The coordinating role of the brain and its network of nerves, previously assigned by Aristotle to the heart and the vessels, wasn’t admitted until the 18th century. The “leadership” of the brain was definitely established by Gall and Broca during the 19th century, but during the 20th century another organ that doesn’t “think” but “senses” has emerged as a “brilliant second,” leading to the concept of neuronal skin.
An important neuroendocrine activity was discovered in this organ, with the local production of many neurotransmitters. While recent progress in neurobiology has generated new pharmaceutical approaches for the treatment of neuropathies, neuromuscular diseases and neuropsychiatric disorders, we can now consider the opportunities for cosmetic products. The Skin’s Nervous System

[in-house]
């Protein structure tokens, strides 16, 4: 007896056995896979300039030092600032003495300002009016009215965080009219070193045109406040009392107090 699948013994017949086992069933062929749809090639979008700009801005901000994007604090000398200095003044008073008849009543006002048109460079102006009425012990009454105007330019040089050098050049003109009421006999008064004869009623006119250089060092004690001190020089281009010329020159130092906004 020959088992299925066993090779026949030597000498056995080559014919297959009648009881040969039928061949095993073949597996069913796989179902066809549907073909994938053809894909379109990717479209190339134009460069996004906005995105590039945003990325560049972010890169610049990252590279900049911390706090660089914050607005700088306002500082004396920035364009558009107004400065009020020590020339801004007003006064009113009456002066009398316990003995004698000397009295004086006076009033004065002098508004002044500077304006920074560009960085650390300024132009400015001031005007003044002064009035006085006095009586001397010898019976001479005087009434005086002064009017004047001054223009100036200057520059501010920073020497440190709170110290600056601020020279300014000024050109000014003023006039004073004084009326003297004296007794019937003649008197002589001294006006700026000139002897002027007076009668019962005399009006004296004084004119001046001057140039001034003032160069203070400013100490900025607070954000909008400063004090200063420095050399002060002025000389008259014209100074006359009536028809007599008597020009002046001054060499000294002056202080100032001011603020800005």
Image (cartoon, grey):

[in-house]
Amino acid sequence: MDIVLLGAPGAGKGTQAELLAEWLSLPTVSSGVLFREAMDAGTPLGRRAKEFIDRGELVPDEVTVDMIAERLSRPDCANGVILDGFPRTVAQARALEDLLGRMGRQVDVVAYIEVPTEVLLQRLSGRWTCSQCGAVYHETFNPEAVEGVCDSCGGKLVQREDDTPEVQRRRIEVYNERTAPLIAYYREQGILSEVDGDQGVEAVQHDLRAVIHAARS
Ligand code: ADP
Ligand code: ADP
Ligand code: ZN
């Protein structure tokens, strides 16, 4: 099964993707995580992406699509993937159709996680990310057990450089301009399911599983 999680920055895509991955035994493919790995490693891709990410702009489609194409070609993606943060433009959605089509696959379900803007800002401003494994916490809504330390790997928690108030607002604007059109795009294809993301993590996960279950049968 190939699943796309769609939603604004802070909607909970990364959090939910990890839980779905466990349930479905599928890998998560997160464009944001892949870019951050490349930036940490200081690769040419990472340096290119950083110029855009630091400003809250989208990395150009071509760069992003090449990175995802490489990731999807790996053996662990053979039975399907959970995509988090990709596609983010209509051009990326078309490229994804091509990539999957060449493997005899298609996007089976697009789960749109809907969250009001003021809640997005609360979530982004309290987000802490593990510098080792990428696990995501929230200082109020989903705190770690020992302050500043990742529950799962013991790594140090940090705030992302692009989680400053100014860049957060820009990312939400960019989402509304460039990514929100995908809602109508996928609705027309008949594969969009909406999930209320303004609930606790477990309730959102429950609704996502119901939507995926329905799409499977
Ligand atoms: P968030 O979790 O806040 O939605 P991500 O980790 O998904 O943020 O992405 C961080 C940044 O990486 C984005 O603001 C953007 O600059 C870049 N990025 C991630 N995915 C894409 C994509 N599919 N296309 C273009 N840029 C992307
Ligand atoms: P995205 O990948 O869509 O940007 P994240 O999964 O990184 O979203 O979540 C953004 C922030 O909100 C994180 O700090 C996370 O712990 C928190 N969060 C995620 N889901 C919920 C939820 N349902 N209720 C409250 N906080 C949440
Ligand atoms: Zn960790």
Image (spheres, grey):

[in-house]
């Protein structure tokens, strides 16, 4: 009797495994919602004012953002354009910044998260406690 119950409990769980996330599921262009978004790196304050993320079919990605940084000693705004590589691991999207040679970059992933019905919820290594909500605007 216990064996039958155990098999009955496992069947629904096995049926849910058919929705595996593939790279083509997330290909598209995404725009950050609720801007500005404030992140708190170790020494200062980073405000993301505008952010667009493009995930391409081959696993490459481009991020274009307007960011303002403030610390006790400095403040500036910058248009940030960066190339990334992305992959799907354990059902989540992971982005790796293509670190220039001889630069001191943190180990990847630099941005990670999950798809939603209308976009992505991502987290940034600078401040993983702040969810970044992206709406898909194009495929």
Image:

Neurons are fragile cells with low regenerative potential. Therefore neuroprotection qualifies as a special application for skin care. Benefits of neuroprotection are not limited to improved or preserved sensory functions. Maintenance of the skin’s neuroendocrine activity, which is involved in many biological processes, is needed for global preservation of skin homeostasis. Effective protection requires specific approaches that take into account the particular survival mechanisms of neurons.
Consistent with its sensory function, skin is highly innervated. Many sensitive fibers reach the most superficial living layers of the epidermis. Therefore, cosmetic ingredients can easily access this exposed nervous system (no blood/brain barrier, here). They may have psycho sensorial effects by activating superficial nervous endings, but the generation of pleasant feelings is difficult to achieve due to extreme variability in individual perception.
Excerpt Only This is a shortened version or summary of the article that appeared in the July 1, 2003 issue of Cosmetics & Toiletries magazine. The full content is not currently available online.